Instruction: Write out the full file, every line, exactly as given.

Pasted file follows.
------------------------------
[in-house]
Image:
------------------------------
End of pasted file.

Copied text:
[in-house]
Image: